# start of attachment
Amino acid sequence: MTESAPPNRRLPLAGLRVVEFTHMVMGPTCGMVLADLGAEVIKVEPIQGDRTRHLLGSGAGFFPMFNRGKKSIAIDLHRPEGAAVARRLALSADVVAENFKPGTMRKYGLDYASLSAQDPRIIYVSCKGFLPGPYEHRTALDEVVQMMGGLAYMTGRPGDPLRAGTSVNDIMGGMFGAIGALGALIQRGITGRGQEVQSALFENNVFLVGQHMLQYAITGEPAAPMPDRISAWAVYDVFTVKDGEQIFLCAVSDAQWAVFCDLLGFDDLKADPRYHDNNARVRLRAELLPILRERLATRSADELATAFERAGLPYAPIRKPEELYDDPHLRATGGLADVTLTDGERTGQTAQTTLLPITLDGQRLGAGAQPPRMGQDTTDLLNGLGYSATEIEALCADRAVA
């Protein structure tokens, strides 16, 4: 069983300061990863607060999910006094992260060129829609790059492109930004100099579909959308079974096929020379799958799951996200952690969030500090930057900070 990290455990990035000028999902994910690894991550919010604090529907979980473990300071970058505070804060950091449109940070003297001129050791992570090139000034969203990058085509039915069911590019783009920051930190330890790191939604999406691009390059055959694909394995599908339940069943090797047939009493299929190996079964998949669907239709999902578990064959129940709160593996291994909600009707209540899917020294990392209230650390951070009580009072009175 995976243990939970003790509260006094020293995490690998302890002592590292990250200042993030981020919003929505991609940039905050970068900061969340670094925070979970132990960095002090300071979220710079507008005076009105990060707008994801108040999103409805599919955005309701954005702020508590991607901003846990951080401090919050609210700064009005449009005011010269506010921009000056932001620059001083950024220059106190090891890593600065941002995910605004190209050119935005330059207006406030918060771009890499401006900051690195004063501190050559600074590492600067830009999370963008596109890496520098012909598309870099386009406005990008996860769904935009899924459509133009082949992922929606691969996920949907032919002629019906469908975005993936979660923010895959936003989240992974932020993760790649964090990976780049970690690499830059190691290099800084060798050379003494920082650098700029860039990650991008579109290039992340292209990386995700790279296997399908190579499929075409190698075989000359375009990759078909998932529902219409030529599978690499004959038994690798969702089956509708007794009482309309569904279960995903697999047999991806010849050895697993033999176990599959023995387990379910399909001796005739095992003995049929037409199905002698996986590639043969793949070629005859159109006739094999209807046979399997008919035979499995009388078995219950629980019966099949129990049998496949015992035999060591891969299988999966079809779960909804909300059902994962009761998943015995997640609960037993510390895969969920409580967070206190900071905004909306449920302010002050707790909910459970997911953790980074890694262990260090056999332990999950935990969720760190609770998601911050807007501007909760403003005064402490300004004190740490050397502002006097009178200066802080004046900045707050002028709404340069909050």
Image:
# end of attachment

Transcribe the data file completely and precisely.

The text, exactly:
Amino acid sequence: MTESAPPNRRLPLAGLRVVEFTHMVMGPTCGMVLADLGAEVIKVEPIQGDRTRHLLGSGAGFFPMFNRGKKSIAIDLHRPEGAAVARRLALSADVVAENFKPGTMRKYGLDYASLSAQDPRIIYVSCKGFLPGPYEHRTALDEVVQMMGGLAYMTGRPGDPLRAGTSVNDIMGGMFGAIGALGALIQRGITGRGQEVQSALFENNVFLVGQHMLQYAITGEPAAPMPDRISAWAVYDVFTVKDGEQIFLCAVSDAQWAVFCDLLGFDDLKADPRYHDNNARVRLRAELLPILRERLATRSADELATAFERAGLPYAPIRKPEELYDDPHLRATGGLADVTLTDGERTGQTAQTTLLPITLDGQRLGAGAQPPRMGQDTTDLLNGLGYSATEIEALCADRAVA
């Protein structure tokens, strides 16, 4: 069983300061990863607060999910006094992260060129829609790059492109930004100099579909959308079974096929020379799958799951996200952690969030500090930057900070 990290455990990035000028999902994910690894991550919010604090529907979980473990300071970058505070804060950091449109940070003297001129050791992570090139000034969203990058085509039915069911590019783009920051930190330890790191939604999406691009390059055959694909394995599908339940069943090797047939009493299929190996079964998949669907239709999902578990064959129940709160593996291994909600009707209540899917020294990392209230650390951070009580009072009175 995976243990939970003790509260006094020293995490690998302890002592590292990250200042993030981020919003929505991609940039905050970068900061969340670094925070979970132990960095002090300071979220710079507008005076009105990060707008994801108040999103409805599919955005309701954005702020508590991607901003846990951080401090919050609210700064009005449009005011010269506010921009000056932001620059001083950024220059106190090891890593600065941002995910605004190209050119935005330059207006406030918060771009890499401006900051690195004063501190050559600074590492600067830009999370963008596109890496520098012909598309870099386009406005990008996860769904935009899924459509133009082949992922929606691969996920949907032919002629019906469908975005993936979660923010895959936003989240992974932020993760790649964090990976780049970690690499830059190691290099800084060798050379003494920082650098700029860039990650991008579109290039992340292209990386995700790279296997399908190579499929075409190698075989000359375009990759078909998932529902219409030529599978690499004959038994690798969702089956509708007794009482309309569904279960995903697999047999991806010849050895697993033999176990599959023995387990379910399909001796005739095992003995049929037409199905002698996986590639043969793949070629005859159109006739094999209807046979399997008919035979499995009388078995219950629980019966099949129990049998496949015992035999060591891969299988999966079809779960909804909300059902994962009761998943015995997640609960037993510390895969969920409580967070206190900071905004909306449920302010002050707790909910459970997911953790980074890694262990260090056999332990999950935990969720760190609770998601911050807007501007909760403003005064402490300004004190740490050397502002006097009178200066802080004046900045707050002028709404340069909050």
Image: